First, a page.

inefficiencies in FTS’ and FSS’ overlapping IT sales and marketing
functions and contract offerings. In response to the study’s
recommendations, GSA announced implementation of a performance
improvement initiative to enhance FSS and FTS operational efficiency and
effectiveness—in both IT and non-IT business lines.

My statement today will focus on the actions GSA has taken to implement
its performance improvement initiative. I will also discuss the importance
of enhancing GSA’s ability to promote strategic purchasing practices—by
analyzing agencies’ purchasing patterns to help identify opportunities that
could better leverage agency buying power and thereby cut overall
purchasing costs. This approach is based on our findings of how leading
companies and other federal agencies have followed strategic purchasing
practices that clearly paid off in terms of dollar savings.

In summary, GSA has taken a number of actions to implement its
performance improvement initiative, but these actions alone will not
provide the best value for government purchasing. GSA has consolidated



1
 U.S. General Accounting Office, Contract Management: Roles and Responsibilities of the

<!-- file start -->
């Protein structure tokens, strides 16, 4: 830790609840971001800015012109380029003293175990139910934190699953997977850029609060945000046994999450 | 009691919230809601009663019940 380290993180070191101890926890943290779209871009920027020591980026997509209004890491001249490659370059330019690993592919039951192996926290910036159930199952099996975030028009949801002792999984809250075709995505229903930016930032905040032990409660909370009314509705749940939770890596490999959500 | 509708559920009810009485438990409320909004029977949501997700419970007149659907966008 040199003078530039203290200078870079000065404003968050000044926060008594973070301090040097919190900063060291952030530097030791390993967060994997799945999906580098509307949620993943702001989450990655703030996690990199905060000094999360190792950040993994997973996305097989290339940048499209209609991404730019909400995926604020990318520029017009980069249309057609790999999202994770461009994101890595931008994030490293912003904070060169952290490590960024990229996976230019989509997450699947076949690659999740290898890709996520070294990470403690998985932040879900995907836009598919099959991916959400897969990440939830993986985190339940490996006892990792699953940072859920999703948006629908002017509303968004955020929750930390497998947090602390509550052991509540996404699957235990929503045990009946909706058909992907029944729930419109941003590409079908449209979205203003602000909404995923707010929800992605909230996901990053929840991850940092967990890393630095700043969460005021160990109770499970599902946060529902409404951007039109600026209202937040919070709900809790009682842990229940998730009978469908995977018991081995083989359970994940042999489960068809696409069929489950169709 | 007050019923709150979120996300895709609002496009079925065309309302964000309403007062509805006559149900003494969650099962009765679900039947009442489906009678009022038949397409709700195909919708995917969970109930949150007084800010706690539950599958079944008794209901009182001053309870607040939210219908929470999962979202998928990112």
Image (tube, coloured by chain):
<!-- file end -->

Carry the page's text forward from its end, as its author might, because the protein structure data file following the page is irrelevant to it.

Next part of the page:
Federal Supply Service and Federal Technology Service, GAO-02-560T (Washington, D.C.,
April 11, 2002).



Page 1                                                                   GAO-04-132T
               and streamlined overlapping operations by restructuring FSS and FTS
               marketing, sales and contracting functions, and evaluated selected
               contracts to identify opportunities to eliminate duplication. If successfully
               implemented, these actions should, over time, help reduce inefficiencies in
               agency operations, but we believe GSA needs to do more. To achieve
               greater savings, GSA needs to help agencies take a more strategic
               approach to coordinating their procurement requirements to better
               leverage their buying power and obtain the most advantageous terms and
               conditions for their purchases.


               GSA plays an important role in assisting agencies in procuring supplies
Background 	   and services. FSS and FTS, in particular, facilitate a wide variety of
               purchases. FSS assists federal agencies in acquiring a full range of
               products—including over 4 million commonly used commercial items,
               ranging from furniture, computers, tools, equipment, and motor vehicles.